We lost a goat to heatstroke yesterday. I was at fault, thinking there was enough shade for her while I was gone helping a friend off farm. I was mistaken by about two feet, just enough to prevent the goat from finding shelter from the hot sun for too long. It was an armature mistake, and it cost the life of the animal. It’s a very tough thing to carry sometimes, the responsibility for so many little lives, but ultimately, the reward is great, and the passion moves me forward, further establishing my understanding of the true responsibility of livestock. The failure to fully see the picture is a constant worry. Did I feed everyone enough? Is there enough water? Will everyone make it though the night? Have I protected them enough against predator attack?
When I loose an animal to predation, it’s a little easier knowing the natural cycles of life are at work. But when human negligence is the cause… it’s harder to forgive. There is a moment where I ask myself if I really should have animals, if domestication is really fair. Then I remember how little land there is now producing healthy food. I look at the isles in the grocery store where all that meat sits packed up and ready to take home. That meat came from a factory farm, feed lots, and a life no animal should have to live.
I also know, as a hunter, that wild land is disappearing, that game is becoming scares. Salmon are overheating in drying up rivers, bison have become “beeffalo”; perhaps there is room here for an argument against eating meat? That is possible, and the farm is experimenting with bug based protein as a viable alternative. Insects are another form of living tissue, but I think because they do not have cute faces like a calf or chick, a society that would otherwise be majority up in arms about saving life, can happily sever the head of lettuce or rip a berry from its branch without stopping to reflect on the irony. But there is something about including all types of life in our diet, which compels in me a belief that animals are part of the abundance of nature, we are stewards of all things, and goat meat tastes so good.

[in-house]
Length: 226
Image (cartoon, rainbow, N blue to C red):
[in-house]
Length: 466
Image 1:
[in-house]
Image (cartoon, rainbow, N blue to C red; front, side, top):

The goat on Leafhopper Farm was pasture raised, had a natural diet, and lived with her family group. She had a healthy kid, and was growing up beautifully in an environment where she could brows in abundance. She was the first kid born here on the land, and I will never forget the hard lesson she helped teach. Know the land, know the animal, and know myself. The intension is good, time will tell. I have to believe my actions are helping, even when I make mistakes. Loosing the goat should not feel any different than the loss of any other life, but it does. I didn’t feel the same as a cedar was cut to make way for the pond. I never really feel this way as I pull living plants from the ground to eat, and I should.
There is comfort in knowing we all make mistakes. The consequences are sometimes harsh, but I will never forget the lesson, or the life my actions took. This is responsibility, this is good medicine, this is real living, and I am grateful.